Amazon AppFlow now supports AWS CloudFormation for creating and configuring Amazon AppFlow resources such as Connector profile and Amazon AppFlow Flow along with the rest of your AWS infrastructure—in a secure, efficient, and repeatable way. Amazon AppFlow is a fully managed integration service that enables AWS customers to securely transfer data between AWS services and software-as-a-service (SaaS) applications. The Amazon AppFlow APIs and SDK give developers programmatic access to Amazon AppFlow functionality, enabling developers to set up flows between source and destinations supported by Amazon AppFlow, create connector profiles and execute flows programmatically.
Amazon Elasticsearch Service now offers T3 Instances
Amazon Elasticsearch Service now offers the latest T3 (general-purpose) instances which offer superior performance and larger storage capacity compared to the previous generations. The T3 instances also support our recently launched features like encryption at rest and in-flight, role based access control, HTTP compression, custom dictionary, SQL, alerting, anomaly detection, and cross-cluster search.
T3 instances offer a balance of compute, memory, and network resources. T3 instances are powered by the AWS Nitro System which includes a lightweight hardware-accelerated hypervisor, delivering practically all of the compute and memory resources of the host hardware to the instances. T3 instances also feature the latest high frequency Intel Xeon Scalable processors which, combined with the AWS Nitro System, result in better price to performance improvement over T2 instances. T3 instances also support enhanced networking with up to 5 Gbps in network bandwidth using the Elastic Network Adapter (ENA).
You can now provision up to 5.7x more EBS storage per instance (e.g. T3.medium supports up to 200 GB of EBS storage per instance), which lets you index more data with fewer instances and gain additional cost savings. Further savings are available via reserved instance (RI) pricing for the T3.medium.
Amazon Aurora Increases Max Storage to 128TB
You can now create Amazon Aurora database clusters with up to 128TB of storage. The new storage limit is available for both the MySQL- and PostgreSQL-compatible editions of Amazon Aurora. Previously, Aurora database instances supported 64TB of storage.
With an increased storage limit of 128TB, you’re less likely to reach the limit when you scale up your application on a single Amazon Aurora database cluster. This means you won’t need to delete data or to split the database across multiple instances. Learn more by visiting the Amazon Aurora Storage and Reliability documentation.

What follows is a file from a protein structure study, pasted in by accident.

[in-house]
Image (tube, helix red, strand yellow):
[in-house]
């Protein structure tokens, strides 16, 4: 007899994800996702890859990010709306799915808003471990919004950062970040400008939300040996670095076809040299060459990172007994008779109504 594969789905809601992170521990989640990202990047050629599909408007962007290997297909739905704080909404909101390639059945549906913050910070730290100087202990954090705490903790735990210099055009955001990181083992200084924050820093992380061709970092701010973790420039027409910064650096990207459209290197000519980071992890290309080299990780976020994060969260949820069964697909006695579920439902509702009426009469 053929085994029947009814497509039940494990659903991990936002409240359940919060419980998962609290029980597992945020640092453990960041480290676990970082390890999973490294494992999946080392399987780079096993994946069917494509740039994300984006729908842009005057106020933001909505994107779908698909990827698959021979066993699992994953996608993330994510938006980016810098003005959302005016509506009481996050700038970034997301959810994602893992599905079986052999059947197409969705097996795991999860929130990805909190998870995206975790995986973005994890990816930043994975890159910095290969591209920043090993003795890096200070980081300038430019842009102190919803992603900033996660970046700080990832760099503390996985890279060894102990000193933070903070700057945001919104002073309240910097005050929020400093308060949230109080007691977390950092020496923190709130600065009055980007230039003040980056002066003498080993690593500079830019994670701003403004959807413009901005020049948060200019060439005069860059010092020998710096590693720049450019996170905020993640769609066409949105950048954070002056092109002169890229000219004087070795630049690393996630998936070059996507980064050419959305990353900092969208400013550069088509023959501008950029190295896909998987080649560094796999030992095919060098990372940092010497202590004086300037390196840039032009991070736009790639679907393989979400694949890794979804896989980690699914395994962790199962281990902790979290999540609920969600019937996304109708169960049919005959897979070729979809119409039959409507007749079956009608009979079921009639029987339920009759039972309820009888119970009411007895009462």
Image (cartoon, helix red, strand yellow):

128TB support is available with Aurora MySQL engine version 1.23, compatible with MySQL 5.6, with engine version 2.09, compatible with MySQL 5.7, and with Aurora PostgreSQL 9.6.17, 10.12 and 11.7.
AWS Glue Studio launched
AWS Glue Studio is a new visual interface for AWS Glue that makes it easy for extract-transform-and-load (ETL) developers to author, run, and monitor AWS Glue ETL jobs. You can now use a simple visual interface to compose jobs that move and transform data and run them on AWS Glue. You can then use AWS Glue Studio’s job run dashboard to monitor ETL execution and ensure that your jobs are operating as intended.
AWS Glue Studio makes ETL accessible to the many users who are new to Apache Spark programming and to users who are accustomed to ETL tools with boxes-and-arrows interfaces. Without writing code, users of all experience levels can now take advantage of big data processing on AWS Glue’s serverless Apache Spark-based ETL platform. They can also use the AWS Glue Studio job monitoring dashboard to get a global view of their ETL execution and resource usage.
AWS Security Hub adds 14 new controls to AWS Foundational Security Best Practices standard
AWS Security Hub has released 14 new automated security controls for the AWS Foundational Security Best Practices standard related to AWS EC2 (EC2.7 and EC2.8), Amazon EMR (EMR.1), AWS KMS (KMS.1 and KMS.2), Amazon RDS (RDS.4, RDS.5, RDS.6, RDS.7, and RDS.8), Amazon S3 (S3.6), and AWS Secrets Manager (SecretsManager.1 and SecretsManager.2). Security Hub now supports 90 security controls to automatically check your security posture in AWS.